Reimagining Dario Argento’s horror classic Suspiria has been a lifelong dream for director Luca Guadagnino, and one that will give viewers nightmares.
Director Luca Guadagnino has been obsessed with Dario Argento’s 1977 horror classic Suspiria since he first spotted the cinema poster at the age of ten while at summer camp.
“I didn’t know what it was about,” he recalls. “I didn’t know the title was Latin. But the image was so powerful that I started to nurture it and nurture it. We walked through the village daily, but the only moment I really cared about was walking past the cinema so I could admire the poster again. That’s how I discovered Dario Argento and Suspiria, and it forged one of my primary identities, both as a filmmaker and as a man.”
Three years later he finally had the opportunity to see the film on Italian television. “I was terrified and exhilarated by its crazy boldness, its formal dare, the music, the evocative power of the concept of witches. This movie made such a humongous impression on me that I started thinking, ‘I want to watch it again. I want to read more about it.’ I even went to the public library to find newspapers from the time it came out.”
Guadagnino was determined to one day make Suspiria his own, and hot off the success of his acclaimed 2017 feature Call Me by Your Name, the director’s fantasy finally become a reality.
Enlisting American writer David Kajganich to pen the screenplay, Guadagnino’s remake retains the core concept of a German dance company run by a witches’ coven and posits it against the backdrop of a Berlin rocked by the terrorist actions of the Baader-Meinhof Group in 1977.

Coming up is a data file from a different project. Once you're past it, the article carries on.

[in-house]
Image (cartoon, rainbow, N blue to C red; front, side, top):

“Moving the bulk of our story to Berlin during the tense final weeks of the Baader-Meinhof era meant we could situate the dance company right in the middle of a recent example of society’s battle with its addiction to fascism,” says Kajganich. “At the time, there was an anger rising up in Germany’s youth about what their parents and grandparents had perpetrated on Europe with the war, which the older generations had not yet fully understood — let alone taken responsibility for.”
Another major point of difference to the original is the look of Guadagnino’s Suspiria. Where Argento’s film is a hyper-stylised Technicolor nightmare, the director wanted the aesthetic to reflect the era in which it is set.
“The 1970s Suspiria is of course an iconic horror film with a very stylised look and color scheme, but it’s specific to its time and too unique to recreate,” says production designer Inbal Weinberg. “Instead, Luca and I agreed that our film should have a realistic quality to it, and we wanted to juxtapose that realism with the supernatural elements that are slowly exposed in the film. We felt the more authentic the environment, the scarier it would be when things start going wrong.”
Equally crucial to a successful remake of Suspiria is the soundtrack. The nerve-jangling score by prog-rock group Goblin is an iconic part of the original, however Guadagnino wanted a more modern sound that would complement the energy of his movie, and approached Radiohead musician Thom Yorke to provide it.
“Thom has a depth and commitment in his music and a relentless search that makes him the musical voice of our generation,” says the director. “At the same time, he is someone who has never shied away from really relentless, disturbing music. I knew he would be the most uncompromising author of music for my movie.”
While Luca Guadagnino’s Suspiria is an altogether different beast from Dario Argento’s film, Kajganich believes the filmmaker has succeeded in creating a terrifying homage to the horror masterpiece.
“Luca is a great humanist, and unafraid of exploring the darkness in people, but he is always, always ready to play,” the writer says. “This film is completely insane. It’s like a demented slumber party at Luca Guadagnino’s house. And you are all invited.”